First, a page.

Two new honorary doctors in Educational Sciences
17 October 2013
Marjorie Harness Goodwin, a professor of anthropology at the University of Californa, Los Angeles, and David Mitch, a professor of economics at the University of Maryland, Baltimore County, have been selected to receive honorary doctorates at the Faculty of Educational Sciences.
Professor Marjorie Harness Goodwin carried out anthropological fieldwork among African-American children in their neighbourhoods in the northeastern US in the 1980s, long before interaction research had become established. After that, in several studies she has shown how girls establish complex social relations by taking part in conflicts and gossip.
Goodwin is a world-leading scholar who has pioneered an understanding of the embodied language practices that people use in various contexts to constitute their social world. In recent years she has challenged the view of how emotions are used in the interaction of children and adults in everyday upbringing. She has also help to develop multimodally based interaction analyses.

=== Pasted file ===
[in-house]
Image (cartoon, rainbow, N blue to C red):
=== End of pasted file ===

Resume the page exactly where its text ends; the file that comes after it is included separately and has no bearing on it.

Professor David Mitch has studied the economic history of education since the late 1970s. Throughout his career, he has demonstrated a remarkable ability to identify and explore fundamental issues within this field of research, using a combination of traditional historical evidence and advanced statistical methods in extensive empirical investigations. An excellent example of this approach is the densely written monograph The Rise of Popular Literacy in Victorian England (1992).
Mitch’s scholarship has extended over a wide variety of issues. He has, for example, made fundamental contributions to the study of literacy, and significant analyses of the relationship between education, human capital, and economic growth. His innovative research into the role played by parental choice, government involvement and the market in the expansion of mass education, also presents his scholarship with a lasting value.
The conferment ceremony will take place in January 2014.